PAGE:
- Mountain Home Air Force Base
Mountain Home Air Force Base Part of Air Combat Command (ACC) Located near: Mountain Home, Idaho
F-15Es of the 366th Operations Group
Coordinates 43°02′37″N 115°52′21″W / 43.04361°N 115.8725°W Built 1942 In use 1942-Present Controlled by United States Air Force Garrison
366th Fighter Wing
Airfield information IATA: MUO – ICAO: KMUO – FAA LID: MUO Summary Elevation AMSL 2,996 ft / 913 m Website www.mountainhome.af.mil Runways Direction Length Surface ft m 12/30 13,500 4,115 PEM
Mountain Home Air Force Base (IATA: MUO, ICAO: KMUO, FAA LID: MUO) is a United States Air Force installation located in southwestern Idaho, United States. The base is in Elmore County, 12 miles (20 km) southwest of the city of Mountain Home, which is 40 miles (65 km) southeast of Boise, via Interstate 84.
The host unit at Mountain Home since 1972 has been the 366th Fighter Wing (366 FW) of the Air Combat Command (ACC), nicknamed the "Gunfighters." The base's primary mission is to provide combat airpower and combat support capabilities to respond to and sustain worldwide contingency operations.
Part of the base is a census-designated place (CDP); the population was 3,238 at the 2010 census.
Mountain Home AFB is the home of the 366th Fighter Wing (366 FW), which reports to Air Combat Command (ACC). The mission of the 366 FW is to prepare Airmen and their families, professionally and personally, for expeditionary operations and foster an environment that promotes integration of all facets of wing operations.
The wing comprises four groups and three operational fighter squadrons:
- 366th Operations Group (Tail code: "MO")
- 389th Fighter Squadron (F-15E Strike Eagle)
- 391st Fighter Squadron (F-15E Strike Eagle)
- 428th Fighter Squadron (F-15SG)
- 366th Maintenance Group
- 366th Mission Support Group
- 366th Medical Group
In addition, the 726th Air Control Squadron gives an air picture to the aircraft as they train. An active Idaho Air National Guard unit, the 266th Range Squadron, controls and maintains emitter sites within the 7,412-square-mile (19,200 km2) operational training range located in southern Idaho.
Construction of the field began in October 1942, and it officially opened August 7, 1943.
World War II
Crews started building the base in November 1942 and the new field officially opened on August 7, 1943. Shortly thereafter, airmen at the field began training United States Army Air Force crews for World War II. The 396th Bombardment Group (Heavy) was the first unit assigned and its planned mission was to train crews for the B-17 Flying Fortress. However, before the first B-17s arrived, plans for the field changed and the 396th was transferred to Moses Lake AAF, Washington.
Instead of training B-17 crews, Mountain Home airmen began training crews for the B-24 Liberator. The first group to do so was the 470th Bombardment Group (Heavy), which trained at Mountain Home from May 1943 until January 1944, when the unit moved to Tonopah AAF Nevada. The 490th Bombardment Group (Heavy) replaced the 470th and trained B-24 crews until it deployed to RAF Eye England in April 1944. The 494th Bombardment Group then replaced the 490th, once more training Liberator crews.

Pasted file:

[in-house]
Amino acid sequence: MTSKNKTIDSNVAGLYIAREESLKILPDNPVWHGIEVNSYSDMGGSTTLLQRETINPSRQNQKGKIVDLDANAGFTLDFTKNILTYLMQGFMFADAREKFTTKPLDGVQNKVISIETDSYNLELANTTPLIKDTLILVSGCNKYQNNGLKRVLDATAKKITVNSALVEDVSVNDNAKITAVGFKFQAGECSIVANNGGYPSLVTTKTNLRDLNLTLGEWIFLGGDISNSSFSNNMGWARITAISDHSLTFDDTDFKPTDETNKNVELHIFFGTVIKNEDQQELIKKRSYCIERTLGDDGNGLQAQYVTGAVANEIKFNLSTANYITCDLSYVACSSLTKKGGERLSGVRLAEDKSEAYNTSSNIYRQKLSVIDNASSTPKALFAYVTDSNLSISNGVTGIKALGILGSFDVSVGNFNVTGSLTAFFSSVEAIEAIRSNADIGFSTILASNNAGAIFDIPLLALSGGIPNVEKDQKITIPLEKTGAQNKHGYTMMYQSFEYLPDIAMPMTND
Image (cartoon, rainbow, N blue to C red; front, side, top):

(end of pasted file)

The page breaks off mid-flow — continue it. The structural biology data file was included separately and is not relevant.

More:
The base also received fighter aircraft to add realism to its training. A few P-38 Lightning and P-63 Kingcobra pursuit planes arrived in January 1945 to simulate attacks on B-24s. In June 1945, Mountain Home also briefly served as a training base for the new B-29 Superfortress with the 301st Bombardment Group (Very Heavy) training for combat, but the Japanese surrender in August brought a swift end to the new mission and, for a time, to the base at Mountain Home.
The base was placed in inactive status in October 1945.
The base remained inactive until December 1948 when the newly independent United States Air Force reopened the base. A provisional unit, the 4205th Air Base Group, was activated on 12 December to prepare the newly re-designated Mountain Home Air Force Base for operational use
5th Strategic Reconnaissance Wing
Mountain Home's first operational USAF unit was the Strategic Air Command (SAC) 5th Strategic Reconnaissance Group which was reassigned from Clark Field in the Philippines, being assigned on 26 May 1949. The mission of the 5th Strategic Reconnaissance Group (later 5th Strategic Reconnaissance Wing) was long-range strategic reconnaissance, primarily of the periphery of the Soviet Union. It's primary operational squadron was the 72d Reconnaissance Squadron, which had been had been assigned to the group from Ladd AFB, Alaska Territory where it had operated RB-29 Superfortress for several years. On 3 September 1949, aircraft of the 72d identified the first evidence of a successful explosion of a Soviet nuclear weapon in the Semipalatinsk test site in Eastern Kazakhstan on 29 August 1949
The pending assignment of the new RB-36 Peacemaker to the 5th SRW, along with the inadequacy of its World War II facilities to support the large aircraft led SAC to move the 5th SRW to Fairfield-Suisun AFB, California on 9 November 1949. The provisional 4209th Base Service Squadron was assigned to the base which supervised construction activities to modernize facilities and also construct a 12,000-foot runway. The base was formally closed on 25 April 1950, however the 5th SRW maintained control of Mountain Home from Fairfield-Suisn AFB, maintaining it as a subbase.